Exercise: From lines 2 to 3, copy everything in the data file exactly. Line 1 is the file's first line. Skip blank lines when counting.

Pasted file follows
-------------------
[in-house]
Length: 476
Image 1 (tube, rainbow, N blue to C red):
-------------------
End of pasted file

Length: 476
Image 1 (tube, rainbow, N blue to C red):